In 2009, marine biologists in Florida examined an emaciated green sea turtle that had washed up on a beach. While investigating the cause of the animal’s condition, they found that a piece of plastic had lodged in the turtle’s gut. When they removed it, the turtle defaecated 74 foreign objects over the following month. Among the items were four types of balloon, five different types of string or line, nine different types of soft plastic, four different types of hard plastics, and a piece of carpet-like material.
Sadly, this is not uncommon.
Approximately half of all sea turtles examined that wash up on beaches have ingested plastic items thinking they were food, as the array of plastic seen in the stomach of one green turtle from the coast of Argentina clearly shows (Photo by Victoria Gonzlez Carman).
In a recent editorial published in the Marine Turtle Newsletter, Colette Wabnitz of the University of British Columbia and Wallace J Nichols, from the California Academy of Sciences, summarized the disturbing history of plastics in the ocean. The report firmly laid the blame at the feet of so-called “disposable” forms of plastics: plastic cups, water bottles and caps, grocery bags, Styrofoam containers and plastic utensils, intended to be used just once and thrown away. While these items are cheap and convenient, they are also durable and buoyant – making for a potent and deadly combination in the sea.
Though some plastics do break down from exposure to sunlight and other elements, plastics never fully biodegrade – they just break into smaller and smaller pieces too small for us to see, but they never completely disappear. Eventually, most of these small particles get into the sea where they coalesce and swirl in ocean currents forming a sort of plastic “soup”, floating virtually forever unless ingested by the creatures of the sea or eventually sinking to litter the seafloor.
Plastic can also entangle sea turtles and can physically interfere with their nesting activity on beaches. It is not uncommon for the Barbados Sea Turtle Project to have to disentangle hatchlings from garbage that they have become trapped in on their journey to the sea, or to assist turtles whose limbs have been literally amputated by snarls of monofilament line.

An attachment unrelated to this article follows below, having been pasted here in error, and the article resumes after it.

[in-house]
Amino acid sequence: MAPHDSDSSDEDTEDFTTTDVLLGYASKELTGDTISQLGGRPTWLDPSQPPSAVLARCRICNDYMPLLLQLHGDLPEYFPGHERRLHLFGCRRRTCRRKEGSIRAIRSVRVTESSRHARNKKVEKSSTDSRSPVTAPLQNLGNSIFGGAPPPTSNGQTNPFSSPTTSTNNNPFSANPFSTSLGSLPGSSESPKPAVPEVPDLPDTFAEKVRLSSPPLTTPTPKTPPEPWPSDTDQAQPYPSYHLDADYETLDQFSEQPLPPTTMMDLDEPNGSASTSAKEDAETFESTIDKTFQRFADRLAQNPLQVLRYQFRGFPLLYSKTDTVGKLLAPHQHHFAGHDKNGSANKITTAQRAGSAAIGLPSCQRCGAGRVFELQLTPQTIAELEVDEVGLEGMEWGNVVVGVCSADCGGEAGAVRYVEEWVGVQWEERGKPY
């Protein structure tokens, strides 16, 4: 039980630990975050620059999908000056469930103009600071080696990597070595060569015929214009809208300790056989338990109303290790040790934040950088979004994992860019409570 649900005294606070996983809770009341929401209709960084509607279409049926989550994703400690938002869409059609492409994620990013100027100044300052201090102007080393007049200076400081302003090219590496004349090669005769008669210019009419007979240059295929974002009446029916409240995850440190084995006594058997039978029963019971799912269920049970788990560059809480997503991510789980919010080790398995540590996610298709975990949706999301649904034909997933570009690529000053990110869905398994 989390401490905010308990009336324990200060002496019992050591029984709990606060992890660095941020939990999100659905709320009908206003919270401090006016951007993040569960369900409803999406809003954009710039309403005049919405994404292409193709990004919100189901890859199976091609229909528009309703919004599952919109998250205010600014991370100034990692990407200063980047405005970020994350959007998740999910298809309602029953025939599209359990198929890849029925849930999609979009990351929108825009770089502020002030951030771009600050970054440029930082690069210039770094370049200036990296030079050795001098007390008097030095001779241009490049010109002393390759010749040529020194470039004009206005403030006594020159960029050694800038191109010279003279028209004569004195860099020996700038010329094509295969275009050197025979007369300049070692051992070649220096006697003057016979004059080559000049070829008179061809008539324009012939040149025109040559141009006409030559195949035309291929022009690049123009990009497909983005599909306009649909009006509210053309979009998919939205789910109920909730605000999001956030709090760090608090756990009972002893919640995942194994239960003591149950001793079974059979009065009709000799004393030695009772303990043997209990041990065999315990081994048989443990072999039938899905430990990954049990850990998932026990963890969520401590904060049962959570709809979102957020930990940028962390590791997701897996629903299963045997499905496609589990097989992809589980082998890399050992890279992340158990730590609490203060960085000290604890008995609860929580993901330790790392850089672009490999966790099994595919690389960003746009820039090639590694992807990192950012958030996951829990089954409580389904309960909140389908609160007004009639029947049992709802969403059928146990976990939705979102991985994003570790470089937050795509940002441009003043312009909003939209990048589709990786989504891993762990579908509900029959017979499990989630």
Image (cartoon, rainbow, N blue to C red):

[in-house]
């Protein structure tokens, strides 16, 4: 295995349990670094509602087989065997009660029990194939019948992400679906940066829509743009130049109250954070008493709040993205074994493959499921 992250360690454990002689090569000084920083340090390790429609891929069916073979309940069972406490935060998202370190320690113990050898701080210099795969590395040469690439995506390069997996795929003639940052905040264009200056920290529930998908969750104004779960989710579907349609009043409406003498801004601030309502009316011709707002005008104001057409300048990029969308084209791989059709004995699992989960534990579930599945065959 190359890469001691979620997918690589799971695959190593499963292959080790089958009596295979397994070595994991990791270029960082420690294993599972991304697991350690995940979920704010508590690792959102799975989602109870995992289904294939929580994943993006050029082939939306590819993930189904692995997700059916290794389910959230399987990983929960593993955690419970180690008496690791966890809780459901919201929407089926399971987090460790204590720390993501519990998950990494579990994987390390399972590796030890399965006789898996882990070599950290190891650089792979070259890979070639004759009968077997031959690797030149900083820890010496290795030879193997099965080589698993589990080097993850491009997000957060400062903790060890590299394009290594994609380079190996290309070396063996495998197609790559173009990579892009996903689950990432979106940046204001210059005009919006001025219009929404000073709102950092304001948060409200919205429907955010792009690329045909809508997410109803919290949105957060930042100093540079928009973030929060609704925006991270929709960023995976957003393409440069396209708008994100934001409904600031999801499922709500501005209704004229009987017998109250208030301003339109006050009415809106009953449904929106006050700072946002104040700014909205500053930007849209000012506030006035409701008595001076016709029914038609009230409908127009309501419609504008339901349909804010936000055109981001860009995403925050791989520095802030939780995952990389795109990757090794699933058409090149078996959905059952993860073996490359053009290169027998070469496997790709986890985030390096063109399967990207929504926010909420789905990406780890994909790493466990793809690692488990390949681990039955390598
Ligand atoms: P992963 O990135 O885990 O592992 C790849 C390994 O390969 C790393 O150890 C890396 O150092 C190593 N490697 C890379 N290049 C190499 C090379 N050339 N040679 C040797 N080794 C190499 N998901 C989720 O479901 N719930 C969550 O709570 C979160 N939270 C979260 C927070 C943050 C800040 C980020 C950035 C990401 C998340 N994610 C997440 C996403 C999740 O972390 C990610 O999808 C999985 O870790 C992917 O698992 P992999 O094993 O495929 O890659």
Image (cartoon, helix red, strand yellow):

After heavy rains in Barbados, the Careenage is filled with plastic bottles, cups, bags, and Styrofoam containers that have been swept down, often from sources far upstream. A small percentage of these items are then washed back up onto the beaches, where they join used diapers, discarded monofilament line, and plastic garbage, to leave a disgusting tide line on some of the most beautiful beaches in Barbados. With the next heavy swell, plastic “treasures” that have been buried in the sand are revealed, including these screw tops from plastic bottles collected on one half hour stroll down Browne’s beach. These would soon have washed into the sea and added to the “soup” (Photo by Julia Horrocks).
We now know conclusively that these plastic items are not harmless and that they must be prevented from entering the marine environment if we are to safeguard marine life. Telling people not to litter is not reducing the amount of plastics reaching the sea in Barbados. Recycling and re-using has already reduced some of the plastic in the waste stream. So what else can be done? Safe alternatives to one-time use plastics exist, e.g. the Hawaii-based company www.Styrophobia.com makes food containers from biodegradable and renewable resources like sugarcane, corn and potato. These are both better for the environment and safer for people to eat from. The challenge now is for the business community to spearhead similar efforts to produce and/or distribute safer alternatives in Barbados.